Perhaps a lot more education, and enforcement, instead is the trick. Near my place, I see cops daily idling in the parking lot across the street. Sometimes for hours at a time. Sometimes there's 2 police cars in there, for hours at a time. I've also seen this on Dundurn, on Fennel, and other places.

Why aren't they out policing, instead of chatting? If they're doing paperwork, that's fine, otherwise, they should be out proactively enforcing the laws of our town, our province, and our country.

Selective enforement is not OK.

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By priorities (anonymous) | Posted May 07, 2012 at 09:04:31

Seems there's always enough room for car lanes but not for sidewalks (a road as foot-traffic busy as Dundurn near Longwood only has sidewalks on one side? WTF) and definitely not for cycle lanes. Some road users are more equal than others.....

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By seancb (registered) - website | Posted May 07, 2012 at 09:46:59 in reply to Comment 76542

It's simple economics - pedestrians don't pay gas tax! Fair's fair!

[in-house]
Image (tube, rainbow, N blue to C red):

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By seancb (registered) - website | Posted May 07, 2012 at 09:48:53

Maybe there should be an extra tax on pedestrians and cyclists cause they keep getting hit by cars and why should drivers have to pay for their hospital time when it was their decision not to wrap themselves in a car for all those trips to the corner store!?

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By seancb (registered) - website | Posted May 07, 2012 at 09:56:08 in reply to Comment 76539

Now we're getting somewhere! At a minimum, I'd like to see mandatory road school as part of public education - why is it optional? Even if you never drive a car you need to understand the rules of the road. And for those who do drive, there should be a strong focus on interacting with pedestrians and cyclists. Somehow "look both ways" has become the catch all for road safety for kids.

After all, each and every one of us starts out as a pedestrian and ends up a pedestrian, and we all share the same network.

Comment edited by seancb on 2012-05-07 09:56:43

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By seancb (registered) - website | Posted May 07, 2012 at 10:53:47 in reply to Comment 76533

Thank you for that link. I was in tears by the time I got to "Cologne". I was going to mention that I kind of am indigenous (to Hamilton, since I was born here), but didn't want to dilute the important points :-)